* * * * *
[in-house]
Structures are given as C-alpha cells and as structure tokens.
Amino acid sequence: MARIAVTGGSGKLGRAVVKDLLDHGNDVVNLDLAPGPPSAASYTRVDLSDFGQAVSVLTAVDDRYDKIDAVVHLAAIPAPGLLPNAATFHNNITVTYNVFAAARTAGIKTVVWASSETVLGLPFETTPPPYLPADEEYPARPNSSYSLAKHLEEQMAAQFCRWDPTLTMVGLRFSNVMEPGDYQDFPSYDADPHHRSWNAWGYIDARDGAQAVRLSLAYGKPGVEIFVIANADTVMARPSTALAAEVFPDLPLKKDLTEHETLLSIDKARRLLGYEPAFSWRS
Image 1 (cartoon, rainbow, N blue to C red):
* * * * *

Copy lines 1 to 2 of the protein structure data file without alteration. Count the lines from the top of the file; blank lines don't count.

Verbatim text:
[in-house]
Structures are given as C-alpha cells and as structure tokens.